My grade nine extended class (similar to GCSE top set) have an algebra unit at the beginning of the year. I am assigning all the skills work for homework: simplifying, expanding brackets, the mechanics of solving equations, and so on. In class I am trying to give experiences that answer the unit question, “What did algebra ever do for anyone?” I’m trying to show how algebra’s power to solve problems is naturally arising from good problems.

Background: We have spent two lessons talking about types of sequences and formulas (such as 4k +12) that can lead to sequences.

Today I asked them to watch as I demonstrated something on the board in silence. I did the same thing you see in this video. In one minute, I demonstrated in silence how to find the sum 1 + 2 + 3 + … + 9 + 10.

Then I asked them to describe to their partner what they saw. That took another one minute.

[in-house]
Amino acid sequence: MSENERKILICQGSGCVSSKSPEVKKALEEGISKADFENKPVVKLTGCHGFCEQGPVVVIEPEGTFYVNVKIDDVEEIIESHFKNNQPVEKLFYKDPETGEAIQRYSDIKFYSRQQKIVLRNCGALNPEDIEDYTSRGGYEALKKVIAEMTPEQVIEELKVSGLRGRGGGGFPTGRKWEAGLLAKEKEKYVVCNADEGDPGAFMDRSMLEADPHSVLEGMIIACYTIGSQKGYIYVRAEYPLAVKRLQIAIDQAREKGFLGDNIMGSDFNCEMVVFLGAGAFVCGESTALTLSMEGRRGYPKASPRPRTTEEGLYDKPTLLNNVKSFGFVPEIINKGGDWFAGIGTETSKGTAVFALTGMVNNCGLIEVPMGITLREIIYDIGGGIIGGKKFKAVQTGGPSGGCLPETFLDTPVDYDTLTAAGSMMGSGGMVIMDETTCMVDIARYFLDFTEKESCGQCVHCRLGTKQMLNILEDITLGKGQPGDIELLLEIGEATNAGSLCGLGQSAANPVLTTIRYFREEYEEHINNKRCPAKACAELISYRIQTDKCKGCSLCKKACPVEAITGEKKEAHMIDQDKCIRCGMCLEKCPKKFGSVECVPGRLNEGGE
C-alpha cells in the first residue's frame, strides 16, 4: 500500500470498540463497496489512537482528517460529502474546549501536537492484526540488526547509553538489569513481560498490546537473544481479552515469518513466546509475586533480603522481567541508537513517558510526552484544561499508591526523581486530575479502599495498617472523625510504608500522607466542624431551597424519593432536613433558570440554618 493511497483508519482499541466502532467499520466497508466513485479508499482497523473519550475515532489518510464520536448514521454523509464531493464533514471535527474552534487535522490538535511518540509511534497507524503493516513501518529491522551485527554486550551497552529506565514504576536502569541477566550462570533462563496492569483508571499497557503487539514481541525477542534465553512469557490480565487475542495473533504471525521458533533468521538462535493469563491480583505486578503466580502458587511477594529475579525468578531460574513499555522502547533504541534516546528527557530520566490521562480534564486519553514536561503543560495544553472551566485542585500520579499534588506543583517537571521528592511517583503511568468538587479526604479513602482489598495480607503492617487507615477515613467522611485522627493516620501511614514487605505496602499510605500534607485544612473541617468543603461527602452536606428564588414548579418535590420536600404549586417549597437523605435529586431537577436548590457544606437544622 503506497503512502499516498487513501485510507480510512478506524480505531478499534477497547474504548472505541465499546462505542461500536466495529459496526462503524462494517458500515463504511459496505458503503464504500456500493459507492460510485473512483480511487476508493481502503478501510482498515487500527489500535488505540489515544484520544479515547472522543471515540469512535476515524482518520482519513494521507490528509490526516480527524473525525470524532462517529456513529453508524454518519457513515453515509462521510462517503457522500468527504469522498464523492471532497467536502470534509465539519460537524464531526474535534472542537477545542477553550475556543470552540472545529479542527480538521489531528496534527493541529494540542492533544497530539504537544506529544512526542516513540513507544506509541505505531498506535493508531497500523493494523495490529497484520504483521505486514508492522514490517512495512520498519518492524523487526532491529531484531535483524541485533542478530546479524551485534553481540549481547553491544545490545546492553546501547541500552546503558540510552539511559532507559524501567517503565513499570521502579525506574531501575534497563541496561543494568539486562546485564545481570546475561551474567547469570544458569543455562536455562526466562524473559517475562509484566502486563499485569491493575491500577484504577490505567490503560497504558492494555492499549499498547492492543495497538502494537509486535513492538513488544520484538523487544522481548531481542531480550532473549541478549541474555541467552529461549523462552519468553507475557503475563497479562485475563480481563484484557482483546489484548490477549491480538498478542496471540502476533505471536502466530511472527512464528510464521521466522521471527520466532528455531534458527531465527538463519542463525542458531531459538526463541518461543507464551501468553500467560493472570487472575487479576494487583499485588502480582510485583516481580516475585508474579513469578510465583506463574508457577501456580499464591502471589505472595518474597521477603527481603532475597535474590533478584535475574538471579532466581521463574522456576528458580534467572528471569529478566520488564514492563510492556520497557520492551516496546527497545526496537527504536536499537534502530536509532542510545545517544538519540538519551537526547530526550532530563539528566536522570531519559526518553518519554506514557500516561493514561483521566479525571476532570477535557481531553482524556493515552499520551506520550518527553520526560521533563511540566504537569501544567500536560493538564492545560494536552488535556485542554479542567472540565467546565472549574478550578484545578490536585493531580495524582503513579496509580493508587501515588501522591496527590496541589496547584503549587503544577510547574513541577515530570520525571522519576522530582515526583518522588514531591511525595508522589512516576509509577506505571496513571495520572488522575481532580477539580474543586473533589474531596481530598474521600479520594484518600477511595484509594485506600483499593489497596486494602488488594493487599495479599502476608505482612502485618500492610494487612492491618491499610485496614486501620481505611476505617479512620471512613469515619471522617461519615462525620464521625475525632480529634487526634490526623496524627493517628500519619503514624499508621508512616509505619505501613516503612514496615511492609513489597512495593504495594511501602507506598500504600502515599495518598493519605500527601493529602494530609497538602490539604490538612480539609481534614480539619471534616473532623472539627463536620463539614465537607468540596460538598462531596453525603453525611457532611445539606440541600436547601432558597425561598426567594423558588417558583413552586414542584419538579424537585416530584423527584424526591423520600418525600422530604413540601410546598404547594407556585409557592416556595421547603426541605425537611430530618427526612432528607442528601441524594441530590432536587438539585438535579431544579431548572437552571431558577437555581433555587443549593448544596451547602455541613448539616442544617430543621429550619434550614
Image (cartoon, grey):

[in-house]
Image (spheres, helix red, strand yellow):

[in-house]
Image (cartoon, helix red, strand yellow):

Next I asked them a series of questions. First, could they adapt my method to find the sum of the first 100 positive integers?

Then, I put this list up on the board. What I like about this list (also from nrich) is that there is no time wasted on easy repetition. Each item is a little harder and provides a lot to talk about.

After about 20 minutes, I asked two students to come up to the board and put their solutions to the first two problems. As the lesson ended, some students were starting to attack the last part. What a beautiful and naturally occurring use of algebra!

**Do you have any classroom problems that show how powerful algebra can be?**

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This entry was posted on September 23, 2013 at 4:34 pm and is filed under algebra.

Tags: nrich

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